Feb. 14, 2001
Liberals have long realized that, if they can win the battle over
what is taught in schools, they will win elections. While they claim
to believe in free speech, they often have little tolerance for
alternate points of view in the schools.
In 1999, a popularly-elected Kansas Board of Education changed its
science teaching standards to allow students to make factual scientific
criticisms of evolution. This created a national uproar in
intellectual circles and the media and, last November, the
pro-evolution forces elected their allies to the state school board.
The new board is now planning on imposing stricter evolution
requirements at its February meeting.* The board has posted its new
2001 standards alongside the 1999 standards.
The 2001 standards contain provisions to prohibit scientific
evaluation and debate about evolution. This means dumbing down science
in order to promote evolution.
For example, the 1999 standards mandated that "no evidence or
analysis of evidence that contradicts a current science theory should
be censored." The 2001 standards deleted this requirement.
The 2001 standards encourage teachers to evade tough questions
from students about the validity of evolution theories. Instead of
addressing the students' questions, "the teacher should explain why the
question is outside the domain of natural science."
The 2001 standards remove an educational geology experiment and
replace it with "Toilet Paper Earth History." Students are instructed
to "Plot the major events (last ice age, beginning of Paleozoic Era,
etc.) of earth history on a roll of toilet paper. Each sheet of toilet
paper = 100 million years."
It gets worse. The 1999 standards taught the significance of an
important scientific concept called "falsification," which is crucial
to understanding what science is all about. As recognized by the U.S.
Supreme Court in its 1993 Daubert decision, an idea is in the realm of
science if it has the potential of being "falsified" by an experiment.
For example, the idea that sunsets are beautiful is not scientific
unless some procedure is contemplated to determine whether or not
sunsets really are beautiful. On the other hand, a theory that the sun
rises in the east is falsifiable because it could be disproved by the
sun rising once in the west.
Evolution can encounter difficulties with the falsification test.
Much of what is taught as evolution in the schools is not falsifiable
at all and thus cannot truly be called science.
The 1999 Kansas standards stated: "Learn about falsification.
Example: What would we accept as proof that the theory that all cars
are black is wrong? . . . Answer: One car of any color but black and
only one time. . . . No matter how much evidence seems to support a
theory, it only takes one proof that it is false to show it to be
The 2001 Kansas Board eliminates the falsification test and
substitutes the following: "Share interpretations that differ from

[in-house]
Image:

currently held explanations on topics such as global warming and
dietary claims. Evaluate the validity of results and accuracy of
Repeated problems with the theory of evolution have required its
advocates to redefine evolution to mean merely "change." One biology
textbook defines evolution as "the totality of all changes that have
occurred in organisms from the beginnings of life on earth to the
Obviously, that definition is so vacuous that it is both
meaningless and incapable of the falsification test. Another textbook
definition of evolution uses fancier language but is similarly empty:
"any genotypic and resulting phenotypic change in organisms from
generation to generation."
Once students accept such hollow definitions of evolution, it
becomes easier to get them to accept more controversial notions. The
hypothesis that all living organisms on earth are descended from one
primordial ooze can become an exam question.
The 2001 standards pretentiously claim that evolution not only
explains all life, it also explains all non-life. It defines
biological evolution as "a scientific theory that accounts for present
day similarity and diversity among living organisms and changes in
non-living entities over time."
If you are baffled as to why the liberals pursue the dogmatic
teaching of evolution, a clue might be found in the recent election.
Of the 13 states that allow dissent over evolution, George W. Bush won
all but one and, of the 10 states that impose the strictest pro-
evolution requirements, Gore won all but three.
States that have been imposing stricter pro-evolution requirements
are quickly moving to the left politically. The traditionally
conservative states of North Carolina, Indiana, Michigan and Missouri,
which have been aggressively pushing evolution, recently elected
The right to scientific dissent is closely related to the right to
political dissent. When states abolish rights of students to criticize
evolution, suppression of political dissent becomes easier.
* On Feb. 15, the Board did what this column predicted.